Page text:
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Friday, February 26, 1999 Published at 18:15 GMT


Arms debate goes on

Tony Blair chats to Austria's Chancellor Klima as Bertie Ahern looks on

The British Prime Minister Tony Blair and his Irish counterpart Bertie Ahern have been reviewing progress in the Northern Ireland peace process at an informal European Union summit near Bonn.

As EU delegates discussed the Union's budget and Europe's farming subsidies, the two prime ministers vowed to battle on with the peace deal's outstanding problems.


Tony Blair: We have a way to take forward the issue of decomissioning
"We're very clear on what we have to do in the Good Friday agreement ... we have just got to keep pushing the thing forward as well as we possibly can," said Tony Blair.

Both Mr Ahern and Mr Blair said the way forward on the outstanding deadlocked issue of paramilitary disarmament was through the official decommissioning commission.


Bertie Ahern: General John de Chastelain has the expertise
Chaired by former Canadian General John de Chastelain, the international commission is trying to take arms out of the province's political arena.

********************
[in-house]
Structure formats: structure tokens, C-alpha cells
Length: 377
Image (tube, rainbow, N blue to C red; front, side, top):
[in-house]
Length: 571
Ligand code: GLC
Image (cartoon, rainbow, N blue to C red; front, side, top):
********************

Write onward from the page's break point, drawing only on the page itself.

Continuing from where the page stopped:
The republican party Sinn Fein insists it is fully cooperating with the commission, which is implementing the final deadline for the handover of arms in May next year.

But some Ulster Unionists are opposing further peace moves because of the IRA's failure to begin disarming.

Arms pressure

According to Mr Ahern and Mr Blair, the following few weeks will be a key time to try and finalise disarmament issues.

"During the month of March ... we can conclude the central aspects," said Mr Blair.

But in a separate development on Friday, the chairman of the IRA's political wing warned that pressure on disarmament could cause irreparable damage to the fragile peace process.

Sinn Fein's Mitchel McLaughlin said disarmament should not become a litmus test for progress.

"Those who are now demanding prior decommissioning before we move to setting up the executive are reneging on the Good Friday Agreement," said Mr McLaughlin in an interview with BBC radio.



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